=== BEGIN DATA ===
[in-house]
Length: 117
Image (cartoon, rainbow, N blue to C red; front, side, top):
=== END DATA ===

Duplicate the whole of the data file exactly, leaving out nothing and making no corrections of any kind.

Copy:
[in-house]
Length: 117
Image (cartoon, rainbow, N blue to C red; front, side, top):